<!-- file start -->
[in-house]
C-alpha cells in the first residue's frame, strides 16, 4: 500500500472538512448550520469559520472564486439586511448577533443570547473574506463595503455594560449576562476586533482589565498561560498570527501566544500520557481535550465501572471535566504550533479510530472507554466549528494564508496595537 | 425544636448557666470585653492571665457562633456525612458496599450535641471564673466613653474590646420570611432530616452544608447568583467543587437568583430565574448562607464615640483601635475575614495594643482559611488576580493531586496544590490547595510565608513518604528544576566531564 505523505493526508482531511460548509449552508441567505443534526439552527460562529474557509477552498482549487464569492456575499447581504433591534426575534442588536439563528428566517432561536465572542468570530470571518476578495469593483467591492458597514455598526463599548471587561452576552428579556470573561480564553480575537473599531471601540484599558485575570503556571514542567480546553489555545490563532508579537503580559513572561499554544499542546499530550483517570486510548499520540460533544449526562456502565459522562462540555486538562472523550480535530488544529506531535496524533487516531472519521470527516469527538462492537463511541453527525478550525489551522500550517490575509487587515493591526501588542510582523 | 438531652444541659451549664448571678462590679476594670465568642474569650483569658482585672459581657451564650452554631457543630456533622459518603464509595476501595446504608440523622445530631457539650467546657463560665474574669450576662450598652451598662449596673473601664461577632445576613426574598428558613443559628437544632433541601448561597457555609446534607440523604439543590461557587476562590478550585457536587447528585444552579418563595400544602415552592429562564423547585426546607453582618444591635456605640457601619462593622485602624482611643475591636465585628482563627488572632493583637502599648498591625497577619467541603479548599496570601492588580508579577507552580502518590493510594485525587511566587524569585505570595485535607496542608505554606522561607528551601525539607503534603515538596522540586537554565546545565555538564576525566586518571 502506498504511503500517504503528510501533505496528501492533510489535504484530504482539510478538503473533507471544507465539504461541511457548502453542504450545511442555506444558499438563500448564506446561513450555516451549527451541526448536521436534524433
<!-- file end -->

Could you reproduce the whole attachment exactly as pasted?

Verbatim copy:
[in-house]
C-alpha cells in the first residue's frame, strides 16, 4: 500500500472538512448550520469559520472564486439586511448577533443570547473574506463595503455594560449576562476586533482589565498561560498570527501566544500520557481535550465501572471535566504550533479510530472507554466549528494564508496595537 | 425544636448557666470585653492571665457562633456525612458496599450535641471564673466613653474590646420570611432530616452544608447568583467543587437568583430565574448562607464615640483601635475575614495594643482559611488576580493531586496544590490547595510565608513518604528544576566531564 505523505493526508482531511460548509449552508441567505443534526439552527460562529474557509477552498482549487464569492456575499447581504433591534426575534442588536439563528428566517432561536465572542468570530470571518476578495469593483467591492458597514455598526463599548471587561452576552428579556470573561480564553480575537473599531471601540484599558485575570503556571514542567480546553489555545490563532508579537503580559513572561499554544499542546499530550483517570486510548499520540460533544449526562456502565459522562462540555486538562472523550480535530488544529506531535496524533487516531472519521470527516469527538462492537463511541453527525478550525489551522500550517490575509487587515493591526501588542510582523 | 438531652444541659451549664448571678462590679476594670465568642474569650483569658482585672459581657451564650452554631457543630456533622459518603464509595476501595446504608440523622445530631457539650467546657463560665474574669450576662450598652451598662449596673473601664461577632445576613426574598428558613443559628437544632433541601448561597457555609446534607440523604439543590461557587476562590478550585457536587447528585444552579418563595400544602415552592429562564423547585426546607453582618444591635456605640457601619462593622485602624482611643475591636465585628482563627488572632493583637502599648498591625497577619467541603479548599496570601492588580508579577507552580502518590493510594485525587511566587524569585505570595485535607496542608505554606522561607528551601525539607503534603515538596522540586537554565546545565555538564576525566586518571 502506498504511503500517504503528510501533505496528501492533510489535504484530504482539510478538503473533507471544507465539504461541511457548502453542504450545511442555506444558499438563500448564506446561513450555516451549527451541526448536521436534524433